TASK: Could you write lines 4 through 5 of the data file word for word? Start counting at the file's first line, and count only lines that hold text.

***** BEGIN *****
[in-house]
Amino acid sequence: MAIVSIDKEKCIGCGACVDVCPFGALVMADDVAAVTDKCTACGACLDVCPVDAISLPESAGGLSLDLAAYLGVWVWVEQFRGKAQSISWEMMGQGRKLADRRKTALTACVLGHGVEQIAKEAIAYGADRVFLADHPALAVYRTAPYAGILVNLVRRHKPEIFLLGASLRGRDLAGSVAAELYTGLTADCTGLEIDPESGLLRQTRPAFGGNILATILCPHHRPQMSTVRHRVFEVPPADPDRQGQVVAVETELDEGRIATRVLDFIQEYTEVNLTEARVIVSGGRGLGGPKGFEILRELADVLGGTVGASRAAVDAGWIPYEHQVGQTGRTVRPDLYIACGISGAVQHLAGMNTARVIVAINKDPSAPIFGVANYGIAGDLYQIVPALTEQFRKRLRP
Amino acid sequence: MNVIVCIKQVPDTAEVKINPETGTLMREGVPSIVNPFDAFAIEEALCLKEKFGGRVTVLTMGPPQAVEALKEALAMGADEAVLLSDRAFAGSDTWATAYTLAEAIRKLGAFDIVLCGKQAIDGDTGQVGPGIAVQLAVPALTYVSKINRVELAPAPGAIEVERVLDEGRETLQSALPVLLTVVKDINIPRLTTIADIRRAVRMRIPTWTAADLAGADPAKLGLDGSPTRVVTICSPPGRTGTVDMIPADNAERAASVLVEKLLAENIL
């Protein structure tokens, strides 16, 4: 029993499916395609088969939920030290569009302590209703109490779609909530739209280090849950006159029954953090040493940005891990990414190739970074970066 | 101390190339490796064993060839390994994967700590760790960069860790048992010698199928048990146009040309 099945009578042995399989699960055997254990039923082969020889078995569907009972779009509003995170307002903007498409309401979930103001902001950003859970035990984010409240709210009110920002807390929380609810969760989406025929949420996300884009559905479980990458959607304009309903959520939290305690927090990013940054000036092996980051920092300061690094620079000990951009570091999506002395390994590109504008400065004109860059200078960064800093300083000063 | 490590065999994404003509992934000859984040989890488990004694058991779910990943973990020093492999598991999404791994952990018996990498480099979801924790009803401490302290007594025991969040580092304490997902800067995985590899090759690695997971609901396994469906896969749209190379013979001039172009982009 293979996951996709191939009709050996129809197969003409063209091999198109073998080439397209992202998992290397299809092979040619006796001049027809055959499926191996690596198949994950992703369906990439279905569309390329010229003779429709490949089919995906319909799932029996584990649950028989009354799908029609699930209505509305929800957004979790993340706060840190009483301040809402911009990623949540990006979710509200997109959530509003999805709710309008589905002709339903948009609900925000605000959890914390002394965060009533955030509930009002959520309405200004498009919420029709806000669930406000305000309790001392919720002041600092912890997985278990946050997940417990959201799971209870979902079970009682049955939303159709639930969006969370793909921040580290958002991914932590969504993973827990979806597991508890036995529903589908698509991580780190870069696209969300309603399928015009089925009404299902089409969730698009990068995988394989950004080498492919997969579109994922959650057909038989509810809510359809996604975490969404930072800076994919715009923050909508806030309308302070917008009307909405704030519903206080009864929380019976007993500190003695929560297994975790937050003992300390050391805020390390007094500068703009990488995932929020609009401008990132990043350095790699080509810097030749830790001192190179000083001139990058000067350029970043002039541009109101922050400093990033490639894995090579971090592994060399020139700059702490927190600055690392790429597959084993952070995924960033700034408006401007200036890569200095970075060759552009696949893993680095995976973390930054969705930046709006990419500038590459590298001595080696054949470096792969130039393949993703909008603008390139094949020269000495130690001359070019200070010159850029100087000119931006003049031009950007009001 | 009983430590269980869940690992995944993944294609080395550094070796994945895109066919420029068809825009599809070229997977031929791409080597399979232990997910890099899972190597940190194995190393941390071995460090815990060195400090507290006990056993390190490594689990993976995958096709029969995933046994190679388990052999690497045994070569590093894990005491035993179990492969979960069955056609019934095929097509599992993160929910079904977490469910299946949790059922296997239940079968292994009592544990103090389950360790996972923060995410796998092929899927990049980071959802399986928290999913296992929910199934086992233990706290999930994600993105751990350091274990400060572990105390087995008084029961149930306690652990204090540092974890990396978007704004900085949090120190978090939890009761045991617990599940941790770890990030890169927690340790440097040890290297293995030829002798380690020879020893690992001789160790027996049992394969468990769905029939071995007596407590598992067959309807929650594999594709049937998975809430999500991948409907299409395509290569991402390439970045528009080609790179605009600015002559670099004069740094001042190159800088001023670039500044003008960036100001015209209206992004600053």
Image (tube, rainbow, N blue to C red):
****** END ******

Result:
């Protein structure tokens, strides 16, 4: 029993499916395609088969939920030290569009302590209703109490779609909530739209280090849950006159029954953090040493940005891990990414190739970074970066 | 101390190339490796064993060839390994994967700590760790960069860790048992010698199928048990146009040309 099945009578042995399989699960055997254990039923082969020889078995569907009972779009509003995170307002903007498409309401979930103001902001950003859970035990984010409240709210009110920002807390929380609810969760989406025929949420996300884009559905479980990458959607304009309903959520939290305690927090990013940054000036092996980051920092300061690094620079000990951009570091999506002395390994590109504008400065004109860059200078960064800093300083000063 | 490590065999994404003509992934000859984040989890488990004694058991779910990943973990020093492999598991999404791994952990018996990498480099979801924790009803401490302290007594025991969040580092304490997902800067995985590899090759690695997971609901396994469906896969749209190379013979001039172009982009 293979996951996709191939009709050996129809197969003409063209091999198109073998080439397209992202998992290397299809092979040619006796001049027809055959499926191996690596198949994950992703369906990439279905569309390329010229003779429709490949089919995906319909799932029996584990649950028989009354799908029609699930209505509305929800957004979790993340706060840190009483301040809402911009990623949540990006979710509200997109959530509003999805709710309008589905002709339903948009609900925000605000959890914390002394965060009533955030509930009002959520309405200004498009919420029709806000669930406000305000309790001392919720002041600092912890997985278990946050997940417990959201799971209870979902079970009682049955939303159709639930969006969370793909921040580290958002991914932590969504993973827990979806597991508890036995529903589908698509991580780190870069696209969300309603399928015009089925009404299902089409969730698009990068995988394989950004080498492919997969579109994922959650057909038989509810809510359809996604975490969404930072800076994919715009923050909508806030309308302070917008009307909405704030519903206080009864929380019976007993500190003695929560297994975790937050003992300390050391805020390390007094500068703009990488995932929020609009401008990132990043350095790699080509810097030749830790001192190179000083001139990058000067350029970043002039541009109101922050400093990033490639894995090579971090592994060399020139700059702490927190600055690392790429597959084993952070995924960033700034408006401007200036890569200095970075060759552009696949893993680095995976973390930054969705930046709006990419500038590459590298001595080696054949470096792969130039393949993703909008603008390139094949020269000495130690001359070019200070010159850029100087000119931006003049031009950007009001 | 009983430590269980869940690992995944993944294609080395550094070796994945895109066919420029068809825009599809070229997977031929791409080597399979232990997910890099899972190597940190194995190393941390071995460090815990060195400090507290006990056993390190490594689990993976995958096709029969995933046994190679388990052999690497045994070569590093894990005491035993179990492969979960069955056609019934095929097509599992993160929910079904977490469910299946949790059922296997239940079968292994009592544990103090389950360790996972923060995410796998092929899927990049980071959802399986928290999913296992929910199934086992233990706290999930994600993105751990350091274990400060572990105390087995008084029961149930306690652990204090540092974890990396978007704004900085949090120190978090939890009761045991617990599940941790770890990030890169927690340790440097040890290297293995030829002798380690020879020893690992001789160790027996049992394969468990769905029939071995007596407590598992067959309807929650594999594709049937998975809430999500991948409907299409395509290569991402390439970045528009080609790179605009600015002559670099004069740094001042190159800088001023670039500044003008960036100001015209209206992004600053």
Image (tube, rainbow, N blue to C red):